BAGHDAD (Reuters) – Kurdish authorities have sent thousands more troops to the oil region of Kirkuk to confront threats from Iraq’s central government, the vice president of the autonomous Kurdistan region said on Friday.
Tens of thousands of Kurdish Peshmerga soldiers were already stationed in and around Kirkuk and another 6,000 have arrived since Thursday, Kosrat Rasul said, amid mounting tensions between the northern territory and Baghdad.
Iraq’s government has taken a series of measures to isolate the region since the Kurds’ Sept. 25 referendum on independence, including banning international flights from going there and pushing for a halt to its crude oil sales.
Iraqi Prime Minister Haider al-Abadi has repeatedly said he has no plans to go further and actually attack the territory.
But the Kurdistan Regional Government (KRG)’s Security Council expressed alarm late on Thursday at what it said was a significant Iraqi military build-up south of Kirkuk, “including tanks, artillery, Humvees and mortars”.
“These forces are approximately 3 kilometres (1.9 miles) from Peshmerga forces. Intelligence shows intentions to take over nearby oil fields, airport and military base,” it said in a statement.
An Iraqi military spokesman said military movements near Kirkuk are meant to “inspect and secure” the nearby region of Hawija recaptured from Islamic State militants a week ago.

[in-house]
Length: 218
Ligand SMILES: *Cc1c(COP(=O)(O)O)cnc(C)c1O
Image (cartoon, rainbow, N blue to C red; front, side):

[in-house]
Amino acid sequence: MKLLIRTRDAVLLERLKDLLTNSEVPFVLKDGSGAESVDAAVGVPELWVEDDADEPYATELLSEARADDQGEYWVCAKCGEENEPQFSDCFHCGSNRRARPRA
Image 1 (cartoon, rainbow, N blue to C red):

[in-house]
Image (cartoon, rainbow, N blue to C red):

KRG authorities have repeatedly called for negotiations since the referendum, in which an overwhelming majority voted for independence. Baghdad has ruled out talks unless the KRG renounces the referendum results.
Kirkuk lies just outside the KRG autonomous territory but Peshmerga forces moved in when the Iraqi army collapsed in the face of an Islamic State onslaught in 2014, preventing the region’s oil fields from falling under jihadist control.
Germany, which has traditionally good ties with both Baghdad and the KRG, called for steps to ease the tensions.
“We would like to ask them to meet those responsibilities and not to escalate the conflict,” German government spokesman Steffen Seibert told reporters in Berlin.
Iraq’s tough line towards the Kurds has the support of neighbours Turkey and Iran, which strongly oppose the secessionist movement given their own sizable Kurdish minorities.
President Tayyip Erdogan’s spokesman said on Thursday Turkey would gradually close border crossings with northern Iraq in coordination with the central Iraqi government and Iran.
Turkish Prime Minister Binali Yildirim is expected to visit Baghdad on Sunday to meet with Abadi.
Iraqi forces and Shi‘ite Muslim paramilitaries, known as Popular Mobilisation, are deployed south and west of Kirkuk, after having recaptured the areas from Islamic State (IS).
The area around al-Qaim, near the Syrian border, is the last part of Iraq still under the control of IS, which overran a third of the country in 2014 but has been driven back by a series of Iraqi military offensives with U.S. support.
Additional reporting by Michael Nienaber; Editing by Mark Heinrich